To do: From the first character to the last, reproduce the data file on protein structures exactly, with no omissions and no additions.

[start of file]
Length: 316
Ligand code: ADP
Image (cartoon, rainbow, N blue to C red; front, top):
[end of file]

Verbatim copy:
Length: 316
Ligand code: ADP
Image (cartoon, rainbow, N blue to C red; front, top):